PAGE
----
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Current Events

Canon 35mm F/1.4L II Announcement Leaked, Air Apple Watch App, & A Sad Day at Kodak

By Anthony Thurston on July 20th 2015

Welcome to our roundup series where we will hit on several gear news and rumor topics each day. This gives you a chance to get caught up on all of the day’s news and rumors in one place. Make sure to check back daily for the latest gear news, rumors and announcements.

Canon 35mm f/1.4L II Announcement Date & Pricing Leaked


Last week we talked about the possibility – or should I say, likelihood – of the current Canon 35mm f/1.4L being replaced in the next 2-3 months. Today, those rumors got some more teeth, as an announcement date and pricing leaked online.

We still don’t have any information on the optics or specific specs of the lens, but we are told that it is expected to be announced on or around August 14th and should retail for a price of $1699. This would, of course, make it $400 more than the current Canon 35mm f/1.4L and pretty much double the price of the very high performing Sigma 35mm.

If the optics are up to spec and the image quality beats the Sigma by a healthy margin, I could see Canon shooters buying this lens, but if it is even just as good or close to the Sigma, I can’t see this lens doing well with a price like that. The Sigma just performs too well, and is much more affordable.

What do you think?

Apple Watch Viewfinder App For New Olympus ‘Air’ Camera

While I may not personally understand these Sony and Olympus ‘lens cameras’, the fact is that many out there do like them for certain uses, and today, that got a lot easier for them if they own an Apple Watch.

Apparently, a new app called ‘AirRecipe’ allows you to use your Apple Watch as a viewfinder and controller for your Olympus Air camera. This could make for some very discrete photo ops; the lens camera would be hidden somewhere, and you would not be doing anything anymore suspicious than looking at your watch.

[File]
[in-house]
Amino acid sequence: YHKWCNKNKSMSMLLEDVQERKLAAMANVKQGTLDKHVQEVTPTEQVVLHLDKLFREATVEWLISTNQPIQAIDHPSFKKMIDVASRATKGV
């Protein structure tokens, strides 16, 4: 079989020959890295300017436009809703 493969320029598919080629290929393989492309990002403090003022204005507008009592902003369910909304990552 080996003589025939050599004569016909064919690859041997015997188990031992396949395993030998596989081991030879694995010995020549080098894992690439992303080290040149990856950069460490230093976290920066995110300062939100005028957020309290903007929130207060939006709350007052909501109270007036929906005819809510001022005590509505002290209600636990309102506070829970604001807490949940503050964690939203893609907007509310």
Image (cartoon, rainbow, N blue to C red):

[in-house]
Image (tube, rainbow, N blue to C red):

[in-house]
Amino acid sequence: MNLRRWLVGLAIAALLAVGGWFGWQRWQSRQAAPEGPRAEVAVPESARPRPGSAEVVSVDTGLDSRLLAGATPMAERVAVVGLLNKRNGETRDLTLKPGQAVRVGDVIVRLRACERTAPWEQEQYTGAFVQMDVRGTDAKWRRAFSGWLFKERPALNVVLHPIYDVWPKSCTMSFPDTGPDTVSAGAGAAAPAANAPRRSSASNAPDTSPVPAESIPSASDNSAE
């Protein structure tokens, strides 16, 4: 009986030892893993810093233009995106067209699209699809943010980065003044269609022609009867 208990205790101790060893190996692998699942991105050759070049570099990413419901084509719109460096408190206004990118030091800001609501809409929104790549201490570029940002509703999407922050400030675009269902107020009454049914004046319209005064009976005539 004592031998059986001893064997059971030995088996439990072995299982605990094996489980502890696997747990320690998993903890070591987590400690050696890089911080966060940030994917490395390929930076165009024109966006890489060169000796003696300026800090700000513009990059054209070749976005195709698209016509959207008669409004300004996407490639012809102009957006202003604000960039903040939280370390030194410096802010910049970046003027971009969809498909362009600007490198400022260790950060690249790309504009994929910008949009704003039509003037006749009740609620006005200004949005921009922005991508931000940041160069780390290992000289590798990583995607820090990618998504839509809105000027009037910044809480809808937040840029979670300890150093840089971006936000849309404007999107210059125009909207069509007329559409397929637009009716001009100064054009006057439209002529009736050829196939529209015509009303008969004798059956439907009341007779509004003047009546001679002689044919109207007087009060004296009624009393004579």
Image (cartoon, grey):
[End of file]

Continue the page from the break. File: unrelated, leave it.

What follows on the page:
Pretty cool if you ask me.

Kodak Destroys Iconic 92yr Old Film Factory


Now, let’s give a moment of silence for the film era, and more specifically Kodak, which had the unfortunate role of inventing its own demise. Yesterday, Kodak destroyed its 92-year-old film factory, Building 53, at its massive Eastman Business Park.

The building for years had been a hub for Kodak, producing the acetate film base needed to produce Kodak films, but as the demand for Film decreased, the factory saw less work. There is now a much smaller building at the complex producing acetate, making this building unneeded.

Spectators gathered to watch the building come down, as you can see here via Youtube.

A sad day for film lovers everywhere…

What are your thoughts on today’s roundup? What news/rumors did we miss? What would you like to see covered in future roundups? Leave a comment below and let us know what you think!

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Anthony Thurston is a photographer based in the Salem, Oregon area specializing in Boudoir. He recently started a new project, Fiercely Boudoir to help support the growing boudoir community. Find him over on Instagram. You may also connect with him via Email.

Q&A Discussions

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  1. Amanda Jehle

    So, my next lens will definitely be a Sigma. I’m either going with the 35mm or the 18-35mm. I’m having trouble deciding. :)

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    • Alexander Europa

      Amanda, the Sigma 35 Art is an unbelievable lens. I knew I wanted a 35mm prime and drove 3 hours to the nearest camera store that had both the Canon and Sigma versions. Literally 2 photos side by side showed me that the Sigma is not just better priced, but is a better lens overall.